Chancellor Ralph Cicerone’s choice to invite Viet Dinh, author of the Patriot Act, and UC Berkeley law professor, John Yoo to speak in the Chancellor’s Distinguished Fellows Lecture Series has provoked an outraged response from faculty and students.
Dinh, former U.S. assistant attorney general and current professor of law at Georgetown University, delivered the first lecture in the series at the Beckman Center on Jan. 11 in a lecture entitled, ‘Life After 9/11: Issues Affecting the Courts and the Nation.’
However, most of the controversy is directed at the selection of John Yoo as a distinguished fellow. Yoo, co-author of the so-called ‘torture memo’ legal opinions cited by the Bush administration in support of its terrorist detention and interrogation policies, will lecture at UCI on Feb. 7 at the University Club.
The primary focus of Dinh’s lecture was on justifying the need for the Patriot Act and explaining the logic behind it. He described a post-Sept. 11 world in which military force is no longer projected solely by the ‘international community of sovereign states’ but also by political factions, religious groups and even individuals. In such a world, Dinh argued, legislation like the Patriot Act is not only advisable but essential to the safety and survival of even the world’s largest superpower.
The Patriot Act ‘was the right response for Congress at the right time,’ Dinh said. ‘Give law enforcement and intelligence the tools they need in order to secure us for the short term and hopefully for the long term.’
Dinh does not envision a world in which the Patriot Act is no longer necessary; nor does he rule out the possibility of one.
‘If and when it’s no longer needed or Congress revisits the issue, of course the Congress may wish to repeal or amend or repudiate the Patriot Act. I frankly have no idea,’ Dinh said.
Dinh devoted half of the available time to his lecture and half to an extended Q-and-A segment in which he deftly fielded questions regarding the Patriot Act and U.S. terrorist detention policies. He politely declined to answer questions regarding the ‘war on terror’ and alleged torture.
Yoo, however, was met with more criticism from faculty and students upset by the speaker’s political views.
‘What Professor Yoo’s memo advised was the breaking of international law,’ said David Smith, professor of sociology at UCI.
A petition protesting Yoo’s scheduled appearance and demanding the revocation of his Distinguished Fellow designation was posted on the Internet on Jan. 12. As of Jan. 14, 239 students and faculty had signed the petition. The majority of signatures on the petition are those of students.
Mark Levine, assistant professor of history at UCI and author of the petition, explained why he felt it necessary to start it.
‘There are lots of us who are extremely upset by this,’ he said. ‘[Yoo] has led the effort to justify war crimes and circumvent international and American law.’
The petition alleges Yoo’s involvement in the Bush administration’s effort to ‘set aside international and American laws and the regulations of the U.S. Army.’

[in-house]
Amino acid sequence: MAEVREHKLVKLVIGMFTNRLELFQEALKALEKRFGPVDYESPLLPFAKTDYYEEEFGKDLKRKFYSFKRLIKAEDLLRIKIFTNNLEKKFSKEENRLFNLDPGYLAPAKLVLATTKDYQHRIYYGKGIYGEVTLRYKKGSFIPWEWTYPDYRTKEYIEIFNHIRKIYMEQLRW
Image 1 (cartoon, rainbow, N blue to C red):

‘I think at the very least we need an explanation of how he was selected,’ Levine said. ‘I don’t think Yoo deserves a reward under any circumstances. Opposing him is an act of patriotism.’
Faculty members cited many reasons why Yoo should be denied the honorific of Distinguished Fellow.
‘I’ve been at UCI for 20 years, and I’ve always been very proud to be here,’ said Steven Topik, professor of history. ‘But I’m very disappointed with this choice of so-called ‘distinguished speakers.’ Where are the strong ethical standards, the standards that exceed legal requirements?’
Cecilia Lynch, associate professor of political science at UCI, explained her disagreement at Yoo’s invitation.
‘I think that usually, when we invite someone to speak in a lecture series, it should be someone who has made a positive contribution,’ Lynch said. ‘I care about UC Irvine. I care about the kinds of contributions we make and [Yoo’s] main contribution has been to twist the definition of torture.’
Smith contends that their objective is not to deny Yoo’s right to free speech.
‘We don’t want to squelch free speech, but [the Distinguished Fellow designation] is an honorific,’ Smith said. ‘The issue here is, does this bring the kind of attention to the university that we want to bring?’
Cicerone recently received a copy of Levine’s petition and was unable to comment on it by press time.
He defended the lecture series in general terms.
‘We don’t put on any political test that I’m aware of, of any kind, when we select the Distinguished Fellows lecturers,’ Cicerone said.
Cicerone noted that the past 40 to 50 distinguished fellows have never been met with excessive controversy.
‘Even though the lecturer may be a [distinguished] fellow, he may bring controversial subjects up in his lecture and create controversy in that way,’ Cicerone said. ‘It’s our job at a university to expose each other not only to ideas but to political strategies and to people who have political impact.’
Cicerone also explained that the 2004-2005 series’ focus on legal issues was intentional.
‘We wanted to have some emphasis this year on legal matters,’ Cicerone said. ‘We’re trying to expose the campus to activities that go with distinguished law schools.’
Levine’s petition suggests a debate with Yoo as a possible solution.
‘I think he should come and debate, if he has any guts,’ Levine said.
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